I’m coming out of a slump.
It’s been over three months of slump this time around—waking up every day feeling a shade of blue that darkens as the day progresses. The outside world rarely knows I’m slumping because a) I’m good at faking happy b) I know slumps are temporary so I don’t share them lest I lengthen them c) I see the big picture and I know I have no “real” reason to complain about my life.
That’s also the problem, though. I know I have no reason to be in a slump but I can’t get myself out of it. Slumps frustrate me and I end up in this loop where an argument rages in my head all day…
Me: Sigh. I am sad.
Me: WHAT IS WRONG WITH YOU?
Me: A thing is making me feel sad and listless.
Me: YOU ARE SAD? YOU? HOW DO YOU THINK THE PEOPLE IN REFUGEE CAMPS FEEL, HUH? HOW ABOUT ALL THE STARVING OR SICK PEOPLE? WHAT HAVE *YOU* GOT TO BE SAD ABOUT?
Me: You’re right. Now I feel bad about being sad.
Me: WHAT IS WRONG WITH YOU?
This time around, the slump was triggered by a combination of winter, financial woes, missing self-imposed deadlines for the book, hormones (yay), and my beat up body that decided to spaz out on me and not let me run or go to the gym. Every time I thought I was coming out of the slump, something dragged me back in. Icing on the slump? The birth control pills I was taking to tame the peri-menopausal hormone beast were making me gain weight. Not only could I not run or go to the gym, I was putting on pounds just by thinking of food. (Not a lot of pounds but it doesn’t take many for me to feel glum).
I ditched the pills, published the book, and finally dragged my butt back to the gym, believing that at last—at last!—my woes were over.
Then I got the news about my sister’s leukemia.
First Class ticket back to Slump Town.
It wasn’t until Prez and I were driving back to Nelson, after almost two weeks of city traffic and hospital visits and family drama, that I knew The Great Slump of 2014/15 had finally passed. The mere knowledge that I would not have to battle Vancouver drivers for two hours per day was enough to make the world seem suddenly full of light and hope.
Every time I find myself in a slump, a funk, or whatever you want to call it, I wonder how the hell I got there and how I’m going to get myself out. I become consumed with the idea that I MUST get myself out of the slump. Like I’m some kind of superhero and the world depends on me being in tippity-top shape or something?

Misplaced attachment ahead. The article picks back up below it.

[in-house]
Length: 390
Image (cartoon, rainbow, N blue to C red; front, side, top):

This time was a little different.
At one of my lowest points, my good friend Laura invited Prez and I along for a soak at Ainsworth Hot Springs. (Truly, I do not think I could endure an entire winter without at least one hot springs soak). Prez can stand about fifteen minutes of hot water before he wilts, which left Laura and I plenty of time to chat and prune. I decided to confide my slumpiness and share some of the reasons behind it with my friend. Among other tales of self pity, I shared my frustration at my complete lack of desire to maintain even basic health and nutrition. I don’t keep junk food in my house, in order to remove temptation completely, but lately I had been popping over to Safeway on my short lunch breaks and buying crap to snack on.
“I don’t eat cookies,” I whined to Laura. “I don’t crave cookies. I am not a cookie person. I can always force myself into the gym, even when I’m feeling low. But these days all I want to do is sit on the couch, watch TV and eat cookies! I HATE IT!”
And she said the most amazing thing to me.
Oh, you want to know what she said?
“Why don’t you just let yourself be where you are and feel what you’re feeling? Why don’t you just eat the cookie?”
I thought about it all the way home.
Why can’t I let myself be sad? Why can’t I admit that there are worse things in life than gaining a few pounds and being unproductive now and then? Maybe the slump would pass more quickly if I stopped fighting it?
So…I gave in. I didn’t turn into a complete couch potato (books don’t publish themselves), but when those moments hit, and the cookie called, I answered without self-flagellation. I let myself eat the cookie.
And now the slump has passed, the sun is out, the book is out, the bank account…could be better but I’ve actually had some paying gigs of late, my hormones are stable for the moment, I’m back at the gym and running, I’ve already ditched a few el-bees, and I’m renewed enough to be there wholeheartedly for my sister when she needs me. The world, shockingly, did not come to an end because of my slump.
I don’t think this slump induced self-loathing is my burden alone, though. I think there are a lot of messages out there that reinforce the notion that if we don’t want it all, do it all, and have it all, while looking and feeling perfect, then there is something wrong with us. It’s too easy to look around, either in the real world, or at the media, or on social media, and believe that everyone else has it figured out and we’re stupid, sucky failures. And the older you get, the easier it is to fall into that trap because tick-tock, tick-tock. Shouldn’t you be further ahead by now?
I’m no help either. I’m just as likely to give the “You shouldn’t be sad! Lots of people have it worse than you!” speech to friends who confess their slumps to me. Friends, you know who you are. Sorry!
What I need to say, what we all need to say, is “Just eat the damn cookie!” Let yourself be sad. Unless you’re suffering from clinical depression, it’s going to pass in a few weeks or months regardless of what you do, so don’t keep banging your head against the same brick wall. Whatever your cookie is, eat it. Don’t let anyone, especially yourself, make you feel wrong for doing so.
The sun will come out again.
The pounds will come off again.
You will be happy again.
But until then it’s okay to be sad and…
Eat the damn cookie.